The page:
Is The Bottom in For Gun Stocks?

Earnings were dismal, but it may mean the bottom in in and value exist for gun stocks.
The greatest boon for gun stocks came, ironically, after the tragic school shooting in Newtown.  After the news broke, both Sturm, Ruger & Co. (NASDAQ:RGR) and Smith & Wesson Holding Co. (NASDAQ:SWHC) lost a third of their value, as investors feared gun control legislation would severely harm the gunmakers’ profits.
Then a strange thing happened.  Rather than stay down, the stock roared to life.  All the talk of gun control in the news encouraged Americans to stock up on guns for fear their availability might be restricted.
RGR had been at $60 before the shooting, fell to $42, and then hit $84 – a 100% return off the bottom – in January of this year.
SWHC had been at $10.62, dropped to $7.79, and then hit $17.14 – a 120% return – in June of this year.
Then the rally faded as gun purchases reverted to the mean.  Year-over-year comps have been miserable for both companies.  It’s not that business is lousy, it’s just lousy compared to the gun-control-driven buying frenzy.
How lousy?  Sturm, Ruger reported on Wednesday.  EPS came in at 34 cents per share, a 76% decline from last year and missing estimates of $1.13.  Ouch.  Revenue was down $98 million.  Firearms sales were down 41%, castings were down 87%, gross profit fell 24%, operating income was down 78%.  The short interest on RGR is now 30%.
As far as RGR goes, one wonders if the bottom is near, as the stock is now trading at the same price as it was AFTER the Newtown tragedy.  Think about this.  The market is saying that not only is the company worth a third less than it was before the market spooked investors out of the stock, but it’s worth the same as it was worth two years ago.
Q3 2012 showed revenues of $118 million vs $98 million for this past quarter.  Gross profit then was $42 million, and this quarter it was $24 million.  Net income was $17.3 million in 2012.  This year it was $6.7 million.
These numbers suggest the stock is at $42 for good reason.  The stock is trading at about 10x estimates, but it suggests that may be still be somewhat pricey.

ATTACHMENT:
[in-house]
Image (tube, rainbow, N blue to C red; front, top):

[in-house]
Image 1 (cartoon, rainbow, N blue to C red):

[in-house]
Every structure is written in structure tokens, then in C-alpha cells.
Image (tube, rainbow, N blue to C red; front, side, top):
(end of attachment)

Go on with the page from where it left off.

Over at SWHC, Q3 2012 net income was $17.7 million. However, in its latest quarter, the company still generated $14.6 million.  That may explain why it is still near the level it traded at before the Newtown incident.   SWHC has reduced its share count by 22% since it began a $30 million buyback, so it is replacing RGR’s 3.5% yield with share count reduction.
But with SWHC, the CEO is expressing faith in the stock price, having purchased 10,000 shares at $10.02.
There was a school shooting in Seattle late last week.  While a couple of media outlets made noise, the story has not caught a lot of traction, so a gun-control fueled purchase bump doesn’t seem likely.
I told you a few months ago not to buy RGR but to buy into SWHC.  I reiterate by those recommendations today.
In comparing the two companies, I think RGR may have a little more downside, at which point buying for the next frenzy may make sense.
I would buy SWHC here.  It’s holding its own, the CEO purchase is a very good sign, and the stock is good for $2-3 in trading at least, and possibly more if things pick up.
Lawrence Meyers is long SWHC.

Six times BIGGER Dividends – with this one stock

The average yield of the Dow has sunk to 2.1%. That’s just sad. However, we know of one group of investors collecting up to $550 every 30 days from a little-known investment that yields a whopping 12%! That’s roughly six times bigger than the average yield of the Dow. If you’d like to tap into this income stream, and earn six times bigger dividends, click here for our full report on this opportunity. 


To top